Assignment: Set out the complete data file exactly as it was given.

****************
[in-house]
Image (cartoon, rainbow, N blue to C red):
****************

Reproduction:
[in-house]
Image (cartoon, rainbow, N blue to C red):